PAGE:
Oct 31 2006

How To Teach Students With Different Learning Abilities

Educators offer solutions to teaching students with different skills, support systems, dispositions and talents.

Like a box of chocolates, kids come in many different sizes, shapes and flavors. It’s not an easy task for educators to instruct numerous types of students, who enter a grade with different skills, support systems, dispositions and talents. Yet, every fall, that’s the challenge K-12 instructors, principals and technology coordinators commit to undertaking.

Statistics indicate that our educators will see even more differentiating factors among their students in the future. The number of students with special needs—whether educational, emotional or economic—continues to increase each year. While this creates challenges, numerous educators offer innovative solutions.

Take the teachers who participate in skills swaps, for example. In Teaching the Teacher on p. 18, we learn that special needs teachers have a knack for connecting with their students and driving home hard-to-grasp skills. Mainstream teachers, on the other hand, possess core curriculum knowledge in areas like math and science that special needs teachers often lack. Put the two together, and you’ve got a winning combination for equipping two sets of teachers with essential classroom skills.

While some of the best schools in the nation thrive by taking a liberal arts orientation toward high school education, teachers at Stratford Information Technology Academy also prepare their students for careers in technology. It’s an important step to ensure that our country produces high school graduates who are well-equipped to pursue technology careers. As freshman John Towe explains in “Highway to Success ” on p. 42, these skills will help him get a “good job before [he] even starts college.”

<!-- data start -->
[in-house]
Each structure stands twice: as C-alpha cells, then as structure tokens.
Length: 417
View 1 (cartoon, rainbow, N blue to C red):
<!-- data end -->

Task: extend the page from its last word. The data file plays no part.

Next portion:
Steve Meeker and Kelly Witten explain how technology has become an integral part of the success at Hauke Alternative High School on p. 14. Located in Conroe, Texas, Hauke helps its students complete their high school degrees by gearing study around their unique needs. Schools such as Hauke concentrate on at-risk students, whose unique family situations, academic performance and emotional needs make it difficult for them to succeed in mainstream settings.

As Chris Rother notes in her column on p. 12, and as author Alan Joch points out in our feature article on p. 27, technology plays an increasingly important role in assessing the effectiveness of school curricula. When students fail to meet state standards, frequent testing and analysis enable schools to fine-tune classroom teaching, and both students and educators benefit from the resulting data-driven decision making.

But, as Rother and other thought leaders point out, technology aids mainly in pinpointing areas that need improvement. The real key to success is developing a strategy that taps the wide-ranging talents and experience of teachers.

Lee Copeland
Editor in Chief